Rep. Jonathan Kreiss-Tomkins addresses the Alaska House of Representatives, March 12, 2014. (Photo by Skip Gray/Gavel Alaska)

Petersburg’s representative in the Alaska House says he’s prioritizing a spending cap on the earnings of the Alaska Permanent Fund in the upcoming legislative session. Sitka Democrat Jonathan Kreiss-Tomkins says the theme of this year’s gathering of law makers in Juneau is “massive uncertainty” with no organization in place yet and no change in the state’s fiscal problems.

Kreiss-Tomkins returns to Juneau for his fifth term, his ninth year in the Alaska House. One week before the start of the session he did not yet know if he’d be in a House majority or minority.

“There’s a very good chance that when we show up to be sworn in that there will not be a president of the senate or a speaker of the house with a majority of votes and that we’re just in sort of perfect gridlock,” Kreiss-Tomkins said in early January.

By last month it looked like an even 20-20 split in the house with Republicans on one side, and a mix of Democrats, Independents  and one Republican planning to caucus together on the other. It was just two years ago that a bi-partisan coalition didn’t get organized in the House until the middle of February. Without that organization lawmakers aren’t assigned to committees and bills don’t get hearings. Kreiss-Tomkins said it was governor Dunleavy’s budget proposal that galvanized that coalition in 2019. He said nothing has changed with the state’s fiscal situation and is not positive about the latest budget proposal from the Dunleavy administration.

“It’s not a balanced budget and he’s basically proposing a budget that steals the wealth of future generations of Alaskans by spending down the Permanent Fund,” Kreiss-Tomkins said.

The governor’s budget proposes cuts to Medicaid and education spending, while paying out thousands in Permanent Fund Dividend checks to Alaskans and a total draw of over six billion from the fund’s earnings.

Kreiss-Tomkins said the Alaska Permanent Fund is his focus this session. He’s put forth several bills in a first batch of prefiled legislation released January 8th. Among those is a proposed amendment to the state constitution capping the amount that can be spent out of the earnings of the Alaska Permanent Fund.

“So that the whims and caprices and irresponsible impulses of any legislature to spend down the permanent fund for whatever reason, it could be a government program, a piece of infrastructure, a permanent fund dividend, whatever, it has to be kept within a sustainable amount,” Kreiss-Tomkins explained.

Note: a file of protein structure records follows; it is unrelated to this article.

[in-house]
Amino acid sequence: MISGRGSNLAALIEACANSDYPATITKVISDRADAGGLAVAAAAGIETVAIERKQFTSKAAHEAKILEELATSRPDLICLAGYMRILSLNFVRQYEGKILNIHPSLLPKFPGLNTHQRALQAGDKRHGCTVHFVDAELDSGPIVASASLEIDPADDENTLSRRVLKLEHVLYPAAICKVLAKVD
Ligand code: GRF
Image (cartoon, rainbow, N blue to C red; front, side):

That amount would be capped at a rolling five percent average of the market value for the fund. Lawmakers set a similar cap in statute in 2018 but that can be changed by new budget decisions. A constitutional amendment, requiring voter approval, would mean courts could throw out a bigger draw from the fund’s earnings.

The Sitka Democrat wants more consideration of other new revenue sources to pay for state government. Kreiss-Tomkins supports a state income tax. He voted for it in 2017 and wished it had passed the Senate that year. It’s being proposed again this year.

“It’s basically mathematically impossible to think about Alaska’s budget without some form of broad-based revenue and I much prefer an income tax to sales tax,” he said.

Two other Kreiss-Tomkins prefiled bills he said are resurrected from last session. One would recognize public school teachers who have achieved national board certification. Another bill that would aid in creation of non-English language immersion programs in Alaska schools.

Kreiss-Tomkins said he’ll support reauthorizing a sport fishing license surcharge that until last year was a source of funding for king salmon production at Crystal Lake Hatchery near Petersburg.

“I’ve done some intelligence gathering on this,” Kreiss-Tomkins said. “There’s broad support for extending the surcharge. There may be opposition from Kenai River Sportfishing Association, which is kind of the arch-nemeses of commercial fishing in Alaska but we’ll navigate that if needed.”

The Dunleavy administration’s bill to extend that funding passed the house with some opposition but did not move out of the senate before legislators left Juneau.

The representative also wants to pursue last fall’s recommendations from the Alaska Marine Highway Reshaping Work Group.

“I appreciate the task force’s work on the ferry system,” he said, adding, “It’s such a mess. And I really would like to pivot from sort of a study and discourse to action and solutions on the ferry system, we’re past due.”

One thing Kreiss-Tomkins isn’t piling on for concerns about the upcoming session is pandemic precautions. He praises the procedures and protocols implemented by legislative staff, including COVID testing and allowances for remote voting.

The first session of the 32 Alaska legislature gavels in Tuesday, January 19.